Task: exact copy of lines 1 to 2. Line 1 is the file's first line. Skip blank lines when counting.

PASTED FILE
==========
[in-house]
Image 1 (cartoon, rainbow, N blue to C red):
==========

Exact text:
[in-house]
Image 1 (cartoon, rainbow, N blue to C red):